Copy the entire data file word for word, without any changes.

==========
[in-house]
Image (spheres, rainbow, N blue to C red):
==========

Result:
[in-house]
Image (spheres, rainbow, N blue to C red):